On democracy

Kadima MK Amira Dotan says she's from the old guard, but definitely advocates a new way of thinking.

By AMIR MIZROCH,
June 18, 2007 20:46
On democracy

MK Dotan 298. (photo credit: Ariel Jerozolimski)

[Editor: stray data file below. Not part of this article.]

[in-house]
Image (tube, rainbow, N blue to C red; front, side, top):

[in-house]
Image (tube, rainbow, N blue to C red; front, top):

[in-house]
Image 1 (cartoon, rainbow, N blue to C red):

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British university lecturers and other trade unionists are eagerly working on a boycott of Israeli institutions. Teens who fought the disengagement from Gush Katif are deciding whether they can join an army that expelled them from their homes. The legal establishment is in a battle to the death with the new justice minister over the independence of the justice system from political influence. And the ruling Kadima party is struggling to put down roots and grow as Ehud Olmert is hovering at a three-percent approval rating. These are just some of the issues Kadima MK Brig.-Gen. (res.) Amira Dotan deals with on a daily basis. You would think that this workload would be too much for even the most organized of Knesset members: the logistics are extremely complex, and the political battles are cutthroat. So it's no surprise that Dotan, 60, the first woman in the history of the IDF to attain the rank of brigadier-general, approaches her work with the military discipline required to deal with multiple, complex and fluid issues. Her desk is full of files, folders, books and papers that deal with the concerns stated above and some more. What's also not surprising is the sense of order she projects: that each file and folder is labeled, every individual piece of paper is clearly marked: Their contents contain orders and decisions that influence the lives of real people. Dotan, who was brought to Kadima from the private sector by another master of military discipline, Ariel Sharon, sits on eight influential Knesset committees: the Foreign Affairs and Defense Committee; the Constitution, Law and Justice Committee; the State Control Committee; the Committee on the Status of Women; the Ethics Committee; the Committee on Foreign Workers; the Joint Committee for the Defense Budget; and the Parliamentary Inquiry Committee on Wiretapping. Dotan is no stranger to finessing contentious situations and working cooperatively: Prior to her political career, she worked as a mediator in her company, Gishur Neveh Tsedek. Last week, The Jerusalem Post sat down with her to talk about her mission, which she sees as combatting a clear and present danger: the-ever widening rift between citizens and the government. Dotan believes it is necessary to change the formula of citizen involvement in politics - something she calls "content involvement" - and still believes Kadima can be the agent of that change. Do you have any time to work on Kadima? No, a very small amount of time. But I believe that while we are doing our Knesset work, it will reflect on Kadima's quality of people and the dedication to the work that we are doing. We were elected not just to be Kadima; we were elected to do something for the country. Are you confident that Kadima is putting down roots? I am part of Tzahi Hanegbi's committee [working to establish the party], which is really a think tank of how to create the Kadima that we long to have. When you speak with Israeli citizens, you can see that there is a need for a centrist party; and the promise that Kadima is the centrist party is something that people want to be a part of. Now it is up to us to deal with this notion and to build the party, which won't be Likud, which won't be Labor. I am not talking about the content; I am talking about the quality of people, the involvement of the people. What I have in mind is not just to be involved when you are needed, when they need to elect or to be elected, but an everyday kind of dialogue. In Israel, everyone is very much a part of what is going on, everyone is a prime minister, and everybody knows what has to be done, in a positive way. The last polls show 97 percent of Israelis have no trust in the head of Kadima, Prime Minister Ehud Olmert. Can Kadima survive with this current situation? I think the media has a more intelligent role than falling back on old slogans. There is a Kadima. Period. It's different. From this perspective, it's not Olmert. It's a group of people who are also mayors and council heads and people with no official roles, young and old. What I am talking about is that the involvement of Israelis is their vote on election day, whether for the party or the Knesset. What I want [for] Kadima is [to get people] involved all the time.. Everyone is talking about accountability. Half of Kadima is the government, which has a million tasks that it has to deal with, and half of it is the Knesset. Through the faction in the Knesset, we are building something new, and I am involved in this subject. Not in getting votes, but involvement in a program - in content involvement. Are you saying that Kadima eventually will not be about its leader, but about content? No, leadership is leadership. You need a leader. I am talking about a leader and the flow of abilities of information and accountability all the time - not once a year, not once in four years and not once in whatever. You need a leader for that, and not just one leader. I believe we will be able to do that. You are on the public diplomacy subcommittee of the Knesset Foreign Affairs and Defense Committee. Are you involved in fighting the British boycotts? We know about it. It seems it's happening every week. That is right. I just came back from a meeting with parliamentarians from all over the world. I spoke with the British parliamentarians, and part of the discussion was this boycott that the British are leading, day-in and day-out. What they told me is that we are looking too much into our own backyard. We just see ourselves all the time, and it is about time that we see that we are part of the bigger picture - and the bigger picture is that they have the same problems of very radical leftist groups harming their constituency and their way of thinking, and they have to deal with it. But what is Israel doing? The Foreign Ministry is dealing with it, the Education Ministry is dealing with it, and the academicians are dealing with it. What are you specifically involved in? I am involved in two elements. One is with the British ambassador and with all the British members of parliament whom we meet occasionally and with the links that we have with some British decision-makers. This is part of what I do. As you know, the Knesset is not a doer. The Knesset has two tasks. One is to write bills, and the second is to oversee the way the government is working. What the subcommittee of hasbara [public diplomacy] and foreign affairs is doing is overseeing what the Foreign Ministry is doing - and in this regard, because I came from the defense forces and because my area of expertise is looking at the map and seeing what needs to be done, this is what we do: look at the situation and find ways to do it better. We have to understand that the war is not just the army; it is in hasbara as well. And once we understand that hasbara is different and democracy is not totalitarianism, we need to give ourselves praise that we are a democracy - not just hit ourselves and say how awful we are. You are asking the media to be more supportive? No. I am just asking the media to say we can do what we do because we operate in a democratic country. What do you want from the Israeli media? I came to the US when the BBC poll was that Israel was the most hated country. So I told my friends in New York that I feel awful that the BBC is working like that. They said, "Amira, why do you feel so awful? You know the BBC is polling mostly Muslims." I said, "What are you talking about?" And they gave me the information. So I am looking for someone to do the same in hasbara. What I am looking for the hasbara in Israel to do is to acknowledge that you are working in a free country; that no one says what to do, no one controls you. ... I am not telling you what to do. I am telling you to really understand the different scopes in which you are working and in which our enemies are working. Someone needs to put it into writing. This is what we like about ourselves: that no one shuts our mouth, no one tells us what to think and what to do. But with all this balagan [chaos], we have this wonderful country; we love it. We have everything that we need to be a Jewish country, and this is very different from what we see. Someone has to say it again and again. Then people will have the ability - and readers will have the tools - not just to talk about the content, but to know what you are talking about. Are you trying to say that one of our selling points is the democratic nature of Israel? But isn't that one of the points that harms us, because we are a democratic country and the expectation of us from the West is much greater? I am meeting friends from Europe and other parts of the world, and I see that they have the same problems; that we are not alone in these problems [of homegrown and international terrorism, etc.]. I want them to understand that it is not just words; that it is really a dilemma and there is no immediate and easy way out of these dilemmas. By being partners with these people, maybe we will be able to tackle those differences. They are shouting at us and I am shouting back at them. In some way they inherited these problems. They feel responsible for Israel, however, because they created it in the UN. I am not talking about them and Israel; I am talking about them and them. Germany has the same problems with immigration and emigration and development and the environment. I am talking about those issues, not Israel. We are so involved with Israel. What I want to do is to take ourselves out of the world conflict and say that you, Germany; you, France; you, England; and you other countries have the same problems that we have, because we are dealing with democracy. With that said, let us see what can be done. How much are you working with the Foreign Ministry on their nation branding campaign? Is it effective? Yes and no. I think that it is about time to rebrand Israel, but this is not enough. Because of that and because of the Internet and because of these new ideas, what I like is that people start to think out of the box, and thinking out of the box starts with branding and rebranding and continues into something else. For example, sending Sderot people to France, Belgium and other countries to talk about themselves. Why can Hamas and the Palestinians do this and that, and we can't? I think it's a nice idea. Or using the Internet to bring up questions and answering them in blogs and things like that. What I am trying to say is that the old way has passed, and we are trying to find a new way. Because I belong to the old guard, what I would like to do is give strength to the new out-of-the-box thinkers. And it can be journalists, it can be students, it can be whoever, because this is the way to tackle problems - to think two steps ahead and to think differently. How can PR be effective as long as Israel is still perceived as an occupying power? Israel has been in the West Bank for 40 years, and for that, when you speak with people from other countries, they say, "We do not envy you. On one hand, you pulled out of Lebanon, and you see what happened in Lebanon. You pulled out of Gaza, and we see what is happening in Gaza. So we do not envy you. We understand what you want." And this was Kadima's message. We would like to have some kind of unilateral withdrawal from the other areas ... but we see that whenever we pull out of somewhere, something happens. So maybe we have to rethink the whole thing from the beginning. In this regard, the new Arab initiative - for me personally, and I am very glad the prime minister and [Foreign Minister] Tzipi Livni are thinking alike - is a kind of a break. It is a new thing that people are starting to negotiate, and the fact that we have been in Jordan four times now, and that there are ongoing meetings with the Jordanians and the Palestinians, means something. So I am a great believer in telling ourselves the truth, and not hiding and thinking that no one sees. See no evil, hear no evil, speak no evil - this is nonsense. I want to see the map as it is. What is going on now was not five months ago. There have been elections with Hamas, and we have to act according to what is going on - and for that you need to have leadership. You need people who really love the country, and not [Russian-Israeli billionaire Arkadi] Gaydamak, who is trying to build and buy leadership. For me this is a big threat. Why? I do not think that democracy is for sale, and you have to work very hard in order to [keep your democracy]. For instance, if you take Gaydamak, it is very easy to say, "I have billions of dollars, and therefore I will buy you a vacation." The American Jewish community and western Jews do that all the time - they send millions of dollars to Israel. To a country, not a person. It is controlled by the state. So this, for me, is a big threat. You are saying that democracy is not for sale. But it seems that with all the polls, the country wants elections. The population is looking for leadership. They do not want elections. They do not trust the current leadership. You could say that. Polls show a three-percent approval rating. You are right, but they are looking for leaders. It is like all of us; we would like very much for someone to take us and give us comfort and tell us how wonderful we are and that things will be okay.... We are 60 now. It is good when you are 10 and 20 and 30, but we are 60, and we cannot understand the psychology of that. Part of it is really longing for a leader that will really do things for us, but it is not occurring in any other democratic country. Not in the world and not in the United States and not in Europe. I do not see it. It is a dream, the psychological desire for this kind of comfort. I would very much like people to understand that the wisdom is [to be found] with the people and involving the people. Let's take Shabbat, for instance. There are some laws pending about Shabbat. What I have in mind, and what we would like, is for Israeli citizens to be involved in deciding what Shabbat will be for Israel. Involving people in the decision-making process is fairly new, and it works. Shas, a coalition partner, won't let you change anything concerning Shabbat. You are talking to me in the old way of thinking. How many voters did Shas have? What about the coalition? Forget about the coalition. I am talking about a different Israel, a different involvement. It won't happen tomorrow morning. Have you brought it up with Shas? No. Shas is not my constituency. Not the haredim and not the National Religious Party. My constituency is Likud, Labor, Kadima, Meretz, Yisrael Beiteinu ... and I want to work with them to bring about a change. Sheera Claire Frenkel and Molly Nixon contributed to this report.